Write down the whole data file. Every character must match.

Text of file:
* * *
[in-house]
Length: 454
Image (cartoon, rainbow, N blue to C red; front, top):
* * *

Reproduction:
[in-house]
Length: 454
Image (cartoon, rainbow, N blue to C red; front, top):